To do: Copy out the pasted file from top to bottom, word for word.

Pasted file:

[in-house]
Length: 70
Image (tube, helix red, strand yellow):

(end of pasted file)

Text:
[in-house]
Length: 70
Image (tube, helix red, strand yellow):